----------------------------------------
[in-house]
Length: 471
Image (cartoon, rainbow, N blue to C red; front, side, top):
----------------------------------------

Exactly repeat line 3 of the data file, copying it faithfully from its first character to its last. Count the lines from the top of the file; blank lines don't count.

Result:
Image (cartoon, rainbow, N blue to C red; front, side, top):